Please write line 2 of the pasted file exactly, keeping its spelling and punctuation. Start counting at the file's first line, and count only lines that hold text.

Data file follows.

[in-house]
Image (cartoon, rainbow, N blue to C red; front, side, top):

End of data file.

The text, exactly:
Image (cartoon, rainbow, N blue to C red; front, side, top):